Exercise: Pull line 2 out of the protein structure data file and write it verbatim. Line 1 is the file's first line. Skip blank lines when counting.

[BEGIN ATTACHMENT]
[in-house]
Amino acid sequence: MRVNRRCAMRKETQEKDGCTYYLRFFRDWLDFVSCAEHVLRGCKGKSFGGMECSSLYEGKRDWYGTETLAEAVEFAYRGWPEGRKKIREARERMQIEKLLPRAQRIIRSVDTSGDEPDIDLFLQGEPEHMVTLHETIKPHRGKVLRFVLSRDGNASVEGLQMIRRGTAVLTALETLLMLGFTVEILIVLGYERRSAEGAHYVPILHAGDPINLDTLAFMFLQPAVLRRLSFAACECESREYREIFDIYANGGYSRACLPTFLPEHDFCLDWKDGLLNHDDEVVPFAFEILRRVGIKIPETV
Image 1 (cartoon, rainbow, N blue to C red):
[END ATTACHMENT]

Amino acid sequence: MRVNRRCAMRKETQEKDGCTYYLRFFRDWLDFVSCAEHVLRGCKGKSFGGMECSSLYEGKRDWYGTETLAEAVEFAYRGWPEGRKKIREARERMQIEKLLPRAQRIIRSVDTSGDEPDIDLFLQGEPEHMVTLHETIKPHRGKVLRFVLSRDGNASVEGLQMIRRGTAVLTALETLLMLGFTVEILIVLGYERRSAEGAHYVPILHAGDPINLDTLAFMFLQPAVLRRLSFAACECESREYREIFDIYANGGYSRACLPTFLPEHDFCLDWKDGLLNHDDEVVPFAFEILRRVGIKIPETV